hummingbird at honeysuckle

When to hang hummingbird feeder in Western New York

by Connie Oswald Stofko Hang your hummingbird feeder two weeks before hummingbirds are expected in Western New York. Get more details below as well as tips on attracting hummingbirds to your garden and When to expect hummingbirds in Western New York Hummingbirds will return to Western New York in about mid-May, said Penny Durnin of North Tonawanda, who for many years was moderator of the Hummingbird Forum. (That forum is no longer online.) Hummingbirds could arrive earlier if they get a…

cardinal and sparrow in snow in Cheektowaga NY

Help researchers with Great Backyard Bird Count

The 25th annual Great Backyard Bird Count, which will be held Friday, Feb. 18 through Monday, Feb. 21, is a way for you to help researchers right from your own backyard. Anyone, from beginning bird watchers to experts, can take part. Participants are asked to count birds for as little as 15 minutes (or as long as they wish) on one or more days of the four-day event and report their sightings online at birdcount.org. Each checklist submitted during the Great Backyard Bird…

monarch flying off swamp milkweed

Monarchs are in danger; how you can help in Western New York

by Connie Oswald Stofko Monarchs should be on the endangered species list, said Jay Burney, executive director of the Pollinator Conservation Association (PCA), based in Western New York. For years there has been a massive decline in monarch butterflies, but last year the United States Fish and Wildlife Service (FWS) declined to add the monarch to the endangered species list, Burney said. The FWS said there will be a yearly review and the monarch will stay in the running for…

banded wooly bear

Banded wooly bear: caterpillar that sticks around during winter

Legend has it that the banded woolly bear can predict the weather. The size of their middle band is supposed to tell us whether the winter will be harsh or mild. There are other versions of this folklore, too, though none of it stands up to scrutiny. But the banded wooly bear is a cool caterpillar. It is one of the few species of moth or butterfly that overwinters as a full-size caterpillar, according to the Butterflies & Moths of…

sparrow at birdfeeder in Western New York

Put your birdfeeders back up; birds no longer getting sick

by Connie Oswald Stofko Although the cause of the mysterious illness that was killing songbirds this summer is still a mystery, birds are no longer getting sick. You can put your birdfeeders and bird baths back up, according to an updated statement on All About Birds from the Cornell Lab of Ornithology. To try to prevent the spread of the illness, home gardeners were asked to take down birdfeeders and bird baths so birds wouldn’t congregate there. The cause of…

flower on common milkweed in Amherst NY

For butterflies & fragrance, choose common milkweed!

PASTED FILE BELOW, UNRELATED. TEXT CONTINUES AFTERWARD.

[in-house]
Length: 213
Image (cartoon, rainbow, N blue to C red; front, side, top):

by Connie Oswald Stofko If you like butterflies, you probably have a kind of milkweed called butterfly flower (Asclepias tuberosa). You may even have swamp milkweed (Asclepias incarnata). Consider adding common milkweed (Asclepias syriaca) to that mix. Not only is it a plant that monarchs love, it gets a pretty flower– and it’s fragrant! Dan Murak pointed out the fragrance this summer when I visited his landscape, which was shared on the Snyder-CleveHill Garden View. Another thing I like about common milkweed is that…

wild turkey

Help count wild turkeys in your area of Western New York

It’s not uncommon for Western New York gardeners to see turkeys trotting through a nearby field or even across their own lawn. How many wild turkeys are there this year? That’s what the New York State Department of Environmental Conservation (DEC) would like to know. And they’d like your help. During August, you can participate in a survey, recording how many adults and poults (young of the year) you see during normal travel. To make a report, click the “Summer…

robin died from mysterious disease

Mysterious bird deaths—stop feeding birds for now

by Connie Oswald Stofko Sick and dying songbirds have been showing up from Florida to Pennsylvania with strange symptoms: crusty eyes, blindness and headshaking. Birds may be found on the ground, disoriented and unresponsive.  This has been labeled a “mortality event”– where a large number of animals die within a short period of time due to what appears to be a similar cause. No affected birds have yet been reported in Western New York, but one was found on July…

cardinal in snow by Stofko

Where have the birds gone & what can gardeners do about it?

by Connie Oswald Stofko Have you noticed that you haven’t had as many birds at your bird feeder lately? The cause is simple: lack of snow. Something you probably didn’t notice is that the number of birds in North America is down by almost 3 billion birds since 1970. That’s a big concern, but there are things that gardeners can do to help. No birds at your feeder? A reader left this comment on a previous article: I live in…

bee covered in pollen on swamp milkweed

Support fireflies, plus 4 more reasons to get rid of some of your lawn

by Connie Oswald Stofko Attract fireflies, support pollinators, save yourself some work and have cleaner air. Those are some of the benefits you can reap when you get rid of some of your lawn. Support pollinators Pollinators include butterflies, insects, birds and other animals. To support them, turn a section of your lawn into a garden and include native plants. Native plants are better than non-natives in providing what native pollinators need: nectar, pollen and seeds, according to the New…